rights[, "] since [Mother's] move to Lancaster
County did not significantly impair [Father's] ability to
exercise his custodial rights, and he in fact was receiving
more time with his Children than the original custody order
provided, and [Mother] and [Father] always chose the
pick[-]up and drop[-]off location, and [Father] never missed
any of his custodial time following [Mother's] move to
Lancaster County, Pennsylvania?
III. Did the [trial] court err and abuse its discretion by
finding that [Mother] was in contempt as a result of her
enrolling the parties' son . . . in preschool, allegedly
without [Father's] knowledge, permission or consent,
where none of the custody orders which were then in place
contained "legal custody" provisions, and [the
child] was attending preschool only during the time when it
was [Mother's] custodial period?
IV. Did the [trial] court err and abuse its discretion by
specifically finding that "an appropriate sanction (for
contempt) is to award shared custody until the parties
undergo trial[, "] and did the [trial] court err and
abuse its discretion by imposing as a sanction for contempt a
significant modification of the existing custody order, from
a primary physical custody order to a shared custody order?
brief, at 4-5.
outset, we must determine whether the appeal is properly
before us. We observe that the trial court's modification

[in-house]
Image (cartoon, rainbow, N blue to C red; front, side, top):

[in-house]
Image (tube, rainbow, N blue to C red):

of physical custody "until such time as the [matter
proceeds to a] pending custody trial" is temporary with
respect to the custody determination. Trial Court Order,
12/24/15, at unnumbered 8. It is well-ensconced in
Pennsylvania that an interim custody order is not appealable.
G.B. v. M.M.B., 670 A.2d 714, 720 (Pa.Super. 1996).
The rationale behind this precept is that, until the trial
court has rendered its best-interest determination on the
merits, an interim custody order is ephemeral and subject to
further modification upon petition. Thus, at first blush, it
appears that this portion of the appeal is interlocutory.
upon closer examination of the pertinent issue, it is obvious
that the instant order is not an interim determination of the
children's best interest, and Mother does not challenge
the trial court's determination of custody per
se. In reality, the order in the case at bar is a
finding of contempt and a concomitant sanction, which as we
discuss infra, was entered in contravention of our
jurisprudence regarding the modification of custody as a
consequence of contempt. While an order granting temporary or
interim custody is interlocutory, it is beyond cavil that a
finding of contempt is final and appealable when a sanction
is imposed. Stahl v. Redcay, 897 A.2d 478
(Pa.Super. 2006). Thus, the order is appealable.
first review the propriety of the contempt order, and since
we sustain the trial court's finding that Mother was in
contempt for relocating with the children without permission
and/or enrolling their son in preschool without consulting
Father, we will then determine whether the trial court
imposed an appropriate sanction.
we review the merits of the substantive challenges that
Mother raises in issues two and three. In issue two, Mother
asserts that the trial court erred in finding her in contempt
for relocating the children from Schuylkill County to
Lancaster County. The crux of Mother's argument is that
the custody order that was in effect did not preclude her
from relocation. She continues that, although the relevant
language was included in at least one of the trial
court's scheduling orders, ...